After Parliament approves the opposition’s budget, Sweden’s first female prime minister resigns.

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After Parliament approves the opposition’s budget, Sweden’s first female prime minister resigns.

Magdalena Andersson, Sweden’s first female prime minister, resigned on Wednesday after her coalition partner, the Green Party, withdrew from the two-party minority government following a budget defeat in parliament.

The Swedish parliament has rejected the government’s budget proposal in favor of the opposition’s, which includes the right-wing populist Sweden Democrats, a group with Neo-Nazi roots, according to the Associated Press.

The budget, which was adopted by a vote of 154 to 143, aims to lower taxes, raise police salaries, and fund Sweden’s justice system.

After the budget defeat, Green Party members stated it was in their best interests to withdraw their support for Andersson, claiming they couldn’t sit in a government that approved the Sweden Democrats’ plan.

Andersson explained that it is a constitutional requirement for a coalition government to resign if one of the parties decides to leave, and she is following that rule.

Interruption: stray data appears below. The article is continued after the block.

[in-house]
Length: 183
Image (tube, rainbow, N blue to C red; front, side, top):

“It’s about respect for me, but I also don’t want to lead a government where its legitimacy is called into question,” Andersson said during a press conference.

She also stated that she is still interested in leading a one-party socialist administration.

Andreas Norlen, the Speaker of the Swedish Parliament, said he will contact the country’s eight party leaders “to examine the situation,” and that they will reveal their plans on Thursday.

See the list below for more Associated Press reporting.

Despite withdrawing its support for her administration, the Green Party says it is ready to back Andersson in a new vote to choose a prime minister.

The Greens, on the other hand, argued it was in the party’s best interests to withdraw support for her following the budget defeat in parliament.

“We have a united party behind us that says we can’t be part of a government that implements a policy that [the Sweden Democrats]negotiated. We must be proud to look our voters in the eyes “As the Green Party elected to resign from the government, Marta Stenevi, a spokesman for the party, remarked.

“That is something we profoundly regret,” said Per Bolund, another Green Party official.

Andersson had declared earlier in the day that she could “govern the country with the opposition’s budget.”

The budget was passed based on the government’s own plan, but only from the 74 billion kronor ($8.2 billion) that the government had proposed. This is a condensed version of the information.

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